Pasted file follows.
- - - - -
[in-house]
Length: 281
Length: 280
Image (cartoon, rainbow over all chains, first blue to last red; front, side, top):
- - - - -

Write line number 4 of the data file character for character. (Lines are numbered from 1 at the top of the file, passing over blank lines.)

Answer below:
Image (cartoon, rainbow over all chains, first blue to last red; front, side, top):